Senior Honors Projects, 2010-2019

Creative Commons License

Creative Commons License
This work is licensed under a Creative Commons Attribution-Noncommercial-No Derivative Works 4.0 License.

Date of Graduation

Spring 2019

Document Type


Degree Name

Bachelor of Science (BS)


Department of Integrated Science and Technology


Stephanie Stockwell

Louise M. Temple

Kyle Seifert


Bradyrhizobium japonicum is a Gram-negative soil bacterium commonly known for its agriculturally significant mutualistic relationship with soybean. In this symbiosis, the bacteria and plant undergo complex molecular signaling characterized by sent and received signals resulting in the formation of infection threads and root nodules. This research aimed to compare two related bacterial outer membrane proteins, FegA and FhuA, associated with the molecular signaling between the bacteria and plant. Previous work has led to the hypothesis that the N-terminal domain (NTD) of FegA in B. japonicum is needed for a functional symbiosis to occur. Recombinant bacterial strains expressing altered FegA proteins were constructed, verified, and tested for their role in symbiosis. The recombinant FegA protein lacking the full-length NTD (FegAΔNTD) was unable to complement a fegAB mutant’s symbiotic defect. Future studies will investigate the stability and function of FegAΔNTD.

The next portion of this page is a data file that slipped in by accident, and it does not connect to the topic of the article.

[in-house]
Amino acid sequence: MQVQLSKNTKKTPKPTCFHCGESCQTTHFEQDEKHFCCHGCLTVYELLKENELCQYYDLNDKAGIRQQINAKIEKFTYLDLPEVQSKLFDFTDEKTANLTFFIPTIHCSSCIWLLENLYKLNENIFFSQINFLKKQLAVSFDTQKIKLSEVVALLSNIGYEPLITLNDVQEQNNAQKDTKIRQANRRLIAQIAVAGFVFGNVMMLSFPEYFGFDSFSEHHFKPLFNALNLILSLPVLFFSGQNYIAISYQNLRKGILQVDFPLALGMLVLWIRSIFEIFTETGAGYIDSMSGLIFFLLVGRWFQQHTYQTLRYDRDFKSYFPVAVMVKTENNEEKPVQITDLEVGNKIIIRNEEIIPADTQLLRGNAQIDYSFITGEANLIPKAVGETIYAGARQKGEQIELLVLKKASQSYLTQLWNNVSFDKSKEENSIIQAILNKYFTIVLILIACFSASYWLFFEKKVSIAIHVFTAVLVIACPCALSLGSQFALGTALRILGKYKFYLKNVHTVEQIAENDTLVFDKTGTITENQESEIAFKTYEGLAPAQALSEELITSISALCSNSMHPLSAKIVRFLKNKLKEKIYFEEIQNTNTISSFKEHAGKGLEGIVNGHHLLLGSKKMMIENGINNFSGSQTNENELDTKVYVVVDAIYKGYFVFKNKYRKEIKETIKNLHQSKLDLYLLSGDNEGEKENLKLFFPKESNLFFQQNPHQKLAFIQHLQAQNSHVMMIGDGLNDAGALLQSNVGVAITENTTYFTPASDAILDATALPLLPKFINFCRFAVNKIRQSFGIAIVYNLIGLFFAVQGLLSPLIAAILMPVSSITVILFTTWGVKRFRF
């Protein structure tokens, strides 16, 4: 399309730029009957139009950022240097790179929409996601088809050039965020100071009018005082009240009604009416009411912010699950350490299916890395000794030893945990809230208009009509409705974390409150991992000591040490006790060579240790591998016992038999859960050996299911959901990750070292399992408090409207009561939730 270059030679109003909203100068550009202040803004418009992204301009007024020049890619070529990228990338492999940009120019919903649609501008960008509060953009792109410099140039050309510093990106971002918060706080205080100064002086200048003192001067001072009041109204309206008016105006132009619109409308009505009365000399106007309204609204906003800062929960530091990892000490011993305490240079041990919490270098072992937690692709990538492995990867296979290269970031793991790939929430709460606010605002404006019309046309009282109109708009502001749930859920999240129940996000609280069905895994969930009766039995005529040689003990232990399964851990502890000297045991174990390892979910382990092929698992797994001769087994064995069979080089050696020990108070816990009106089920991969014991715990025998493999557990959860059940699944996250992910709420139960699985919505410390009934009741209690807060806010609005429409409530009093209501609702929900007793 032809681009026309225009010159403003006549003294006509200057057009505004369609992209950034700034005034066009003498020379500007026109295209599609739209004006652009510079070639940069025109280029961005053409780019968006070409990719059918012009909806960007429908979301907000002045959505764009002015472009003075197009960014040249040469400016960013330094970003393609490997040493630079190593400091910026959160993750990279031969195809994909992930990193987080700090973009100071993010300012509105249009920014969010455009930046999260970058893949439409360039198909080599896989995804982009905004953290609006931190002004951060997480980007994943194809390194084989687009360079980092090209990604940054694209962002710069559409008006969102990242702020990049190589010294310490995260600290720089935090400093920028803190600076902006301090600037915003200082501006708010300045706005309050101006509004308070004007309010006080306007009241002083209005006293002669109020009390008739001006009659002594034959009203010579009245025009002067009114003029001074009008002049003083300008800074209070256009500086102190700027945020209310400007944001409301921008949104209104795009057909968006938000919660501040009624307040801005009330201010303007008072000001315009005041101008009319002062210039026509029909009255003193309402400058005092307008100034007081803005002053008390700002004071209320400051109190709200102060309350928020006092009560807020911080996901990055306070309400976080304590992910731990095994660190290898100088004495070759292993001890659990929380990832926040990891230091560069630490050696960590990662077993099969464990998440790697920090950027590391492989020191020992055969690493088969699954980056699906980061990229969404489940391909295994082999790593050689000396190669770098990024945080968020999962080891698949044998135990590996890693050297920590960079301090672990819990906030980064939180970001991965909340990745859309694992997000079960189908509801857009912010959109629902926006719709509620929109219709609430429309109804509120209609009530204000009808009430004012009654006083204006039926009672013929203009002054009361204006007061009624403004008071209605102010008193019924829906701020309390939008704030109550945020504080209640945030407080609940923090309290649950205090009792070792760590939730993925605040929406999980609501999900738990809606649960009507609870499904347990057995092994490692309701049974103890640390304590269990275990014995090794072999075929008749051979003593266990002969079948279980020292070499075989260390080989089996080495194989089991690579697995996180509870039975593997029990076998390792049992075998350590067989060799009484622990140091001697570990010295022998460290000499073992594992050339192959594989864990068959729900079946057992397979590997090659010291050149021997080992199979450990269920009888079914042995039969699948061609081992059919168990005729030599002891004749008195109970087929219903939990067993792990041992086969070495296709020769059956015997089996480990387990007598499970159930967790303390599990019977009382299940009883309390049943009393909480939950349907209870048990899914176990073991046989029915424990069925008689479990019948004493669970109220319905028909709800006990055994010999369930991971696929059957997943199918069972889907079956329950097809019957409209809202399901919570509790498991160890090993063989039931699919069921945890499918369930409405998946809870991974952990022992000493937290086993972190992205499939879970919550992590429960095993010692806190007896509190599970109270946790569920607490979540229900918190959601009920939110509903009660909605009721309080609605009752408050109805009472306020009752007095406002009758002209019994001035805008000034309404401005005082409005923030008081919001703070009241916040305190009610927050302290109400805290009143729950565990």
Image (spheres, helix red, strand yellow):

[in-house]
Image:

Available for download on Monday, April 26, 2021